Cuban trained medical students return home

Sunday, July 8, 2018

Health Minister Aaron Motsoaledi on Saturday welcomed 260 Cuban trained medical students back into the country.

The Minister accompanied by his deputy Joe Phaahla, together with families and loved ones welcomed back the medical students at a ceremony held at OR Tambo International Airport on Saturday evening.

Smiles as well as big hugs were the order of the day at the ceremony.

The medical students will complete their final sixth-year studies and integration into the South African health system, as part of the Nelson Mandela Fidel Castro (NMFC) medical collaboration programme of the Department of Health.

South Africa and Cuba have maintained longstanding diplomatic relations since 1994 that resulted in various bilateral agreements on public health including the training of South African medical students in Cuba to sustain the health system.

Speaking at a graduation ceremony at the Victoria de Giron Medical Institute in Cuba, last month, Minister in the Presidency, Dr Nkosazana Dlamini Zuma said the medical graduates from the NMFC programme in Cuba is a boost for the country’s efforts to implement the National Health Insurance (NHI).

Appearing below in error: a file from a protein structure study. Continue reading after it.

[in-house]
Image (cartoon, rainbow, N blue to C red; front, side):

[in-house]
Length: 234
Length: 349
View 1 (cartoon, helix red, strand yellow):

The NMFC programme was forged by Presidents Nelson Mandela and Fidel Castro in 1996 as part of the various bilateral agreements between South Africa and Cuba.

The return of the students and last month’s graduation comes as South Africa will in a few days celebrate the Mandela Centenary, had he lived the founding father of South Africa would have turned 100 on 18 July.

The programme was established to address the over-concentration of health personnel in urban areas and in the exclusionary private sector; insufficient personnel who were also not in possession of the necessary training and the under-provision of health care in rural and peri-urban areas, as well as informal settlements.

It links with South Africa’s efforts to provide universal health care – regardless of economic standing – to all its citizens through the NHI. –